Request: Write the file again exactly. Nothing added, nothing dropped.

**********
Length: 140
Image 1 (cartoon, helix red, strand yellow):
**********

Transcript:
Length: 140
Image 1 (cartoon, helix red, strand yellow):